The vessels’ primary mission is to conduct patrols in Croatian territorial waters in both Adriatic and Mediterranean seas. The ships can also be used to perform other missions such as search-and-rescue, monitoring and protection of internal waters, combat, special operations missions, and logistics support.
Deliveries of all vessels are scheduled to be completed by 2020.
Acquisition of in-shore patrol vessels
A tender for the construction of five coastal patrol vessels was released in April 2013. The Croatian MOD received bids from a number of companies in March 2014.
In December 2014, Croatian shipyard, Brodosplit, secured a contract worth HRK385m (approximately $62.5m) from the Croatian MOD to build five in-shore patrol vessels, including a prototype and four production vessels.
Keel for the prototype of the in-shore patrol vessel was laid at Brodosplit shipyard in the city of Split in September 2015. The vessel was lowered into waters in June this year and is expected to be commissioned by the end of the year.
The ship is scheduled to be delivered to the Croatian Navy in the third quarter of 2017, following the completion of in-port and navigation tests, which will performed by Brodosplit in collaboration with the MOD and the Croatian Register of Shipping.
Upon receiving the prototype, the Croatian Navy will conduct a series of prototype tests in the Adriatic Sea to evaluate the ship’s navigation capabilities and technical specifications. The trials are expected to be completed at the end of this year.
Design and features of the coastal patrol vessels
Croatian Navy’s new coastal patrol vessels will be built in accordance with the Croatian Register of Shipping standards. The vessel features a conventional bow structure, which reduces wave resistance.
The overall and waterline lengths of the vessel are 43.5m and 39.11m respectively, while the design and maximum draughts are 1.8m and 2.48m. The ship has a depth of 3.89m and maximum beam of 8m.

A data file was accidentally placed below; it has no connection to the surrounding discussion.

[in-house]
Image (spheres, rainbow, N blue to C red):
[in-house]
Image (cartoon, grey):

With a displacement of 220t, the patrol vessel can accommodate a crew of 14 members and three officers. Command and control functions are performed from the ship’s navigational bridge located amidship.
The patrol ship will carry a rigid-hulled inflatable boat, which is manned by six crew members, to conduct transportation and patrol duties at sea.
Armament of Croatia’s new patrol vessels
The coastal patrol vessels will be armed with a 30mm automatic gun, remotely operated machine guns, and air defence systems.
Mounted in the bow, the electrically operated 30mm naval gun can engage fast attack craft, patrol boats and surface targets in fullyautomatic mode. Equipped with EO/IR (electro-optical and infrared) sensors and a laser rangefinder, the weapon can operate in both day and night conditions.
A 12.7mm remotely operated machine gun will be fitted on the port and starboard sides of the navigation bridge to defeat small ships and light targets.
The vessel will be armed with up to four man-portable air-defense systems (MANPAD) to firepower against enemy aircraft and helicopters flying at low altitudes.
Croatia’s new coastal patrol vessels will incorporate a number of navigation and communications systems to provide enhanced performance and reliability.
The navigational aids include marine radar, searchlight, communication antennae, and a gyro-stabilised EO/IR turret. It will also have ultra-high frequency (UHF) satellite communications (SATCOM), a surveillance radar, and marine radios.
Located on top of the navigational bridge, the EO/IR sensor pod will offer increased situational awareness in all lighting conditions.
Propulsion and performance of the patrol vessels
Each of the five in-shore patrol vessels will be powered by two Caterpillar 3516C marine propulsion engines rated at 2,525kW each. It will also be fitted with two propellers for high speeds and improved manoeuvrability.
The propulsion system provides a maximum speed of 28kt. The vessel can reach a range of 1,000nm when sailing at a speed of 15kt. It will have the ability to stay at sea for up to 10 days.